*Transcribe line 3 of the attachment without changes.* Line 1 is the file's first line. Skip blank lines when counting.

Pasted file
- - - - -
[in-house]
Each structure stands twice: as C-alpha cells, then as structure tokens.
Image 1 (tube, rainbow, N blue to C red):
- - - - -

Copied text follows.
Image 1 (tube, rainbow, N blue to C red):